As investigators scoured the streets of San Bernardino, California, in search of the suspects still on the loose after a mass shooting there Wednesday, Sherman Dumas was praying -- and walking. The local pastor and his staffers, unable to break through the traffic jam caused by emergency vehicles clogging Waterman Avenue, set out on foot to comfort the friends and family members of potential victims. Dumas provided them with water bottles, granola bars and a sympathetic ear.
But he was in shock himself. "We see all of this stuff all over the world, but nobody ever thinks that it's going to come here," Dumas said. "It's shaken us up a bit to see this on our streets."
Police said as many as three suspects opened fire just before 11 a.m. local time at the Inland Regional Center, a facility for people with disabilities. At least 14 were killed, and at least 17 were injured. The motive remained unclear, and the FBI said it didn't know whether the massacre met the definition of domestic terrorism. Authorities said the gunmen were "dressed and equipped" for the shooting, during which they used long guns, International Business Times previously reported.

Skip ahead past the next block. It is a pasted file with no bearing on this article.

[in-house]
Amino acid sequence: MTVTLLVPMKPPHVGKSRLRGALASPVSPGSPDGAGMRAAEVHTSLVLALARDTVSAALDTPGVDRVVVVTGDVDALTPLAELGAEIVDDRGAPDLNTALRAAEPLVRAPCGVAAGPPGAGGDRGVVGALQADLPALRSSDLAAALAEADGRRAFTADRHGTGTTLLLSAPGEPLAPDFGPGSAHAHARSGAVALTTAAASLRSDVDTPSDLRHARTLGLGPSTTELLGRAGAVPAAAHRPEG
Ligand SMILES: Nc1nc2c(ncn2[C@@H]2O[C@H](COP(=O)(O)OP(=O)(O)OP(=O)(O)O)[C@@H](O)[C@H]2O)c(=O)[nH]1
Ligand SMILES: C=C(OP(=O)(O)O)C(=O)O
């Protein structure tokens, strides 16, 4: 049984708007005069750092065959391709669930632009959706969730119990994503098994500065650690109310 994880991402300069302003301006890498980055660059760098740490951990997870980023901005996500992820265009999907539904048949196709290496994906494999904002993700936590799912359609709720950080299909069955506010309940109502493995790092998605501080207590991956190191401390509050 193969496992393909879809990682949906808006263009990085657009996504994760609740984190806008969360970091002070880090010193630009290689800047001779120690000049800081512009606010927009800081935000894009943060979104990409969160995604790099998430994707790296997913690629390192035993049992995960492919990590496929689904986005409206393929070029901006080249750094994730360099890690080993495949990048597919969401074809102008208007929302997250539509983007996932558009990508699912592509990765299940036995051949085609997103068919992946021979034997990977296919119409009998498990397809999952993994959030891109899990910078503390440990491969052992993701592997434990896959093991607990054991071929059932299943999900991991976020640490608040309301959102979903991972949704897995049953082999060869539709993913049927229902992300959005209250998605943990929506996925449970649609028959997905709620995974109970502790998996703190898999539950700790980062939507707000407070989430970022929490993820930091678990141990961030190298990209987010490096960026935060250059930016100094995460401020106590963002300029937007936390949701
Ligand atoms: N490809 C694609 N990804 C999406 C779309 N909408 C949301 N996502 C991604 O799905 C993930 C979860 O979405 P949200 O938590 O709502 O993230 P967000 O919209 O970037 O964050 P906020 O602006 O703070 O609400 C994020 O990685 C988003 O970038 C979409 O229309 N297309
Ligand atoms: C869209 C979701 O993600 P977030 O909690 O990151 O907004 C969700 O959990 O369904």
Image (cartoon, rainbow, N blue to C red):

Sandra Wood, the interim executive director of the nearby but unrelated Inland Empire Lighthouse for the Blind, said she heard the gunfire. "It was very loud, and there was probably 25, 30 rounds," she added.
Wood and her students were safe but still on lockdown about three hours after the shooting. "The whole area is frozen," she said. "Nobody's leaving or coming. There's plenty of police presence around this area."
The Associated Press reported that officers thought the suspects may be in a dark SUV, but other specifics were scarce. Twitter user Larry Ogburn confirmed the hectic atmosphere. He wrote that his wife, Cynthia, had called with news that she was on lockdown at a restaurant six blocks away from the shooting. "Police, helicopters, SWAT, fire, news, etc., everywhere," he said. "That's all I know right now."
Much of San Bernardino remained shut down Wednesday as the manhunt continued. Ramon, an employee at the Sepulveda Building Materials store on the same block as the shooting site, said his managers had locked the doors. It was a break from normal conditions in the Southern California city with a population of about 214,000 people.
"Every day is calm, especially around here," said Ramon, who did not give his last name. "Then all of a sudden this happened."
Dumas, the pastor, was eventually able to reach -- and use -- his car. He was en route to the Rudy C. Hernandez Center, where victims' families were congregating, to support them. Amid the devastation, Dumas noted that hope wasn't lost.
"We believe our city's going to heal from this," he said. "We don't know how long [it will take], and we don't know exactly what the process looks like, but we're going to come back."